But there is a point where lying becomes punishable by law: lying in a legal contract, for instance, or when under oath in a court of law. It is in those situations that lying becomes a matter for the whole commonwealth, and can't be tolerated, because it threatens the very fabric of society, its principles of order.
The objection to same-sex marriage, and all the many demands of the transgender movement, is not that they enable or encourage immoral or simply unwise acts, but that they seek not only to redefine the institution of marriage (which is more fundamental than the state), but to require that everyone participate in a denial of fundamental biological, psychological, and social realities regarding sex.
This is a big deal. It turns the concept of marriage into something created, rather than recognized, by the state, and in essence, by making sex irrelevant to the concept, makes it meaningless except as a legal construct, seen, from that point of view, primarily as another avenue by which one receives "benefits" (tangible and intangible) from the state. This has enormous, far-reaching consequences, and I don't think they're good. I think the ones I predicted in 2004 are very much with us now, and I was speaking in 2004 only of the divisiveness. It's more than divisive, of course: the question now is to what extent dissent from the new order will be allowed. And that in turn has a great deal to do with the reasons why so many Christians supported the manifestly non-Christian Donald Trump for president.
It's been pointed out that the times are less troubled than were the 1960s: there are no cities in flame, for instance. And that's true. What's different now is that the country is more evenly and more intensely divided on fundamental principles, and each side believes that the other wants to subjugate it. If more open conflict comes--violence, or a serious attempt to break up the country--part of the tragedy of it will be that most of these people can get along perfectly well with each other at the immediate, personal, and local level. It's the deep religious difference, the difference as to what society is for, what life itself is for, and the attempt to shape it accordingly, that really fuels the conflict. And makes the situation seem so dark. Or partly, anyway--it's not as if we don't have other serious problems. But the division makes it difficult or impossible to work on them together.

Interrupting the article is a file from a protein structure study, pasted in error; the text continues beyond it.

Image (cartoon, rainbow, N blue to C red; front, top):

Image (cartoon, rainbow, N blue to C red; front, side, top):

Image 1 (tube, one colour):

Grim reflections for the Fourth of July, I know. The most hopeful note I can sound is one I've sounded before: that a willingness to allow for more diversity across the nation, to let California be California and Alabama be Alabama--federalism--might yet preserve the republic as something deserving of the name.
Anyway, perpetual crisis is pretty much the human condition.
I'm actually not much more concerned with trying to discourage homosexual activity than I am with trying to discourage any number of other sins, sexual and otherwise. Aside from the fact that discouraging anyone's sin is usually not my responsibility, and I'm more than fully occupied in trying to discourage my own, I tend to assume that by now, forty or fifty years on in the sexual revolution, most of us are knowingly acquainted with homosexuals, male and female, have been on friendly terms with them, and do not want to see them demonized or persecuted. In my case that has included at least one very close friend. And so I tend to assume that the accusation that Christians hate homosexuals--are "homophobic"--is grossly exaggerated at best. It also causes me to feel that there is no particular need for me to say that my objection to same-sex marriage etc. is not malicious and personal. But this post by David Mills at Aleteia reminds me that my view may not be typical, and maybe there is such a need. Though the effort is probably pretty hopeless now: if you aren't supportive of the whole program, you're an evil bigot, and that's that.
By the way, my view of life, the universe, and everything is in general definitely not darker than it has been in the past. I'm in fact more serene now, or closer to being serene. I think this is mainly the result of age, and an increasing ability to resign the troubles of life to God's care, because there is so little I can do about them. The blog may give a misleading impression in that respect. I tend to comment more on the passing scene, on Vanity Fair rather than the permanent things, and most of that is not edifying. The deeper reflections are going into my book, or into other writings which I will try to place in magazines.
True love is always bleeding in our mortal life. You simply cannot have love in this life without pain.
--Sr. Ruth Burrows, O.C.D. (quoted in Magnificat)